Today Apple released iOS 14.3, a mid-cycle update which includes quite a few very nice features. App Clip Codes were announced alongside iOS and iPadOS 14 at WWDC, so it’s good to see them finally making it out to the public. Similarly, Apple ProRAW was touted as a feature of the new iPhone 12 Pro cameras, but hasn’t been available to iPhone 12 Pro users until today (unless you were running the iOS 14.3 beta, of course). iOS 14.3 does include support for Apple’s impending Fitness+ subscription service, but as of this writing that feature is still disabled prior to the service’s launch.
As noted by MacRumors, Apple has a new support document on the upcoming discontinuation of its Music Memos app. Originally released in 2016, Music Memos was a specifically song-focused spin on Apple’s Voice Memos app. The app never received many updates, and it seems Apple has decided that Voice Memos serves the purpose well enough. The final update to Music Memos adds support for exporting its content out to Voice Memos:
The Music Memos app won’t be updated after Music Memos version 1.0.7, and you won’t be able to download it after March 1, 2021. If you have an iPhone with iOS 14 or an iPad with iPadOS 14, you can continue to use Music Memos. And if you’ve previously downloaded the app, you can still access it from your App Store purchase history. But you should export your Music Memos recordings to your Voice Memos library to make sure you keep all of your recordings.
The Wall Street Journal’s Tom Vanderbilt nabbed an interview this week with Jay Blahnik, Apple’s senior director of fitness technologies. The two discussed the strategy for Fitness+, Apple’s new subscription workout service which is launching next week. From the article:
“Metrics is motivation,” says Blahnik, who in the early 2000s helped launch Nike’s connected running program. “The metrics react to the things the trainer says and the things that you do. We believe that makes it much more immersive than simply following content that’s available anywhere else.” Portability, he says, is also key. A Fitness+ workout is meant to be done anywhere, on any screen, on any machine, from a gym to a hotel room to—more than ever—at home.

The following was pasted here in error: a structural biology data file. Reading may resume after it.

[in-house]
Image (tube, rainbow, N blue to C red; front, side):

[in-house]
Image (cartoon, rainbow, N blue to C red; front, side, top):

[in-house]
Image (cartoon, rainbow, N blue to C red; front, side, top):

This is an insightful look into the kind of content which Fitness+ will hold. Workouts (at least at launch) will likely be highly accessible due to not requiring advanced gym equipment. There will also be a personalized suggestion engine designed to encourage cross-training for a well-rounded fitness routine:
Another innovation, says Blahnik, is the system’s personalization engines, which will suggest workouts from a growing library based on your history—both inside and outside of Fitness+. “We always say: It shouldn’t take 20 minutes to find a 20-minute workout.” That doesn’t mean simply guiding cyclists to ever more cycling workouts; rather, as Apple says, “it looks for a way to gently encourage you to cross-train.” As Blahnik notes, “We have a carousel called ‘Try Something New.’ So if you tend to do more linear workouts, like running or cycling, you would be suggested things like HIIT [high-intensity interval training] or yoga, that would move your body in different directions.”
The whole article is worth a read, although most of it is behind the Wall Street Journal’s paywall if you aren’t a subscriber.
Today Apple updated its Books and Podcasts apps with recognition of the most popular, and Apple’s selection of the best books, audiobooks, and podcasts of the year. There are ten different groups of selections, some just being the most popular items based on Apple’s metrics, and others being Apple’s own subjective favorites. Here’s a subset of Apple’s choices, but be sure to check out the full lists of picks in the Books or Podcasts apps on your Mac, iPhone, or iPad:
Best Books of the Year:
Most Popular Fiction Books:
Hazel is a classic Mac automation tool which we last covered several years ago for version 4. This week Hazel is back with version 5, a major update which brings the tool out of System Preferences for the first time.
Previous iterations of Hazel existed as a preference pane within the macOS System Preferences app. While the interface remains pretty familiar in Hazel 5, it has finally been pulled out into its own full application.